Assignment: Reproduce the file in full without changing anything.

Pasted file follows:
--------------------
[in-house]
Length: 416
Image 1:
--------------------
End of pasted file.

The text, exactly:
[in-house]
Length: 416
Image 1: